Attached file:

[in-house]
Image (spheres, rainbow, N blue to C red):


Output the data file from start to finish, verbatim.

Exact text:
[in-house]
Image (spheres, rainbow, N blue to C red):